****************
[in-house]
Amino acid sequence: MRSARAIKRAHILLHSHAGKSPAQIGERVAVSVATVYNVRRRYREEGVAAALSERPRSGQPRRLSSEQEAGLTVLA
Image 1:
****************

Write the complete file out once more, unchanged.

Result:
[in-house]
Amino acid sequence: MRSARAIKRAHILLHSHAGKSPAQIGERVAVSVATVYNVRRRYREEGVAAALSERPRSGQPRRLSSEQEAGLTVLA
Image 1: